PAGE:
Substituting m = 1, n = 1, we get,
M(x, y) = \(\left( \dfrac{x_2 + x_1}2,\dfrac{y_2 + y_1}{2} \right)\)
Where
 (x, y) are the coordinates of the point M
 (x_{1}, y_{1}) are the coordinates of point J
 (x_{2}, y_{2}) are the coordinates of the point K
Important Notes on Section Formula:
 Section formula for internal division is: P(x, y) = \(\left( {\dfrac{{m{x_2} + n{x_1}}}{{m + n}},\dfrac{{m{y_2} + n{y_1}}}{{m + n}}} \right)\)
 Section formula for external division is: P(x, y) = \(\left( {\dfrac{{m{x_2}  n{x_1}}}{{m  n}},\dfrac{{m{y_2}  n{y_1}}}{{m  n}}} \right)\)
 Midpoint formula is: M(x, y) = \(\left( \dfrac{x_2 + x_1}2,\dfrac{y_2 + y_1}{2} \right)\)
☛Related Articles
Examples Using Section Formula

Example 1: By using the section formula, find out the coordinates of the points that divide the line segment joining the points (8, 3) and (16, 5) in the internal ratio 3:1.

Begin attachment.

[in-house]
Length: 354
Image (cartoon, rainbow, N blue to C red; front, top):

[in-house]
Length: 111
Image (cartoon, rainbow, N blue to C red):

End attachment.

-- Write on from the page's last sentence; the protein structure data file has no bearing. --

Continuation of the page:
Solution:
Given: Coordinates of the endpoints of the line segment: (8, 3) and (16, 5)
Internal ratio = 3:1Let P(x,y) be the required point that divides the line segment in the given ratio. After substituting the respective values in the section formula, we get
x = \(\dfrac{3(16)+1(8)}{(3+1)}\), y = \(\dfrac{3(5)+1(3)}{(3+1)}\)
x = 14, y = 3
P = (14,3)Therefore, (14, 3) is the required point.

Example 2: Find the ratio in which a point P lying on the yaxis divides the line joining points (6, 6) and (2, 4).
Solution:
Let the ratio be m : n.
Since the point P lies on the yaxis, the abscissa will be 0 and let us assume the ordinate to be 'a'.
So, according to the formula let us take (6, 6) = (x_{1}, y_{1});
(2, 4) = (x_{2}, y_{2})
and (0, a) = (x, y)
x = \(\dfrac{{m{x_2} + n{x_1}}}{{m + n}}\)
0 = \(\dfrac{{m({2}) + n({6})}}{{m + n}}\)
0 = 2m + 6n
2m = 6n
m/n = 3/1
m : n = 3 : 1

Example 3: Find the coordinates of the point C which divides the points A (3, 1), B (1, 0) in a ratio of 2:3 externally, with the help of section formula.
Solution:
Given:
(\(x_1, y_1\)) is (3, −1)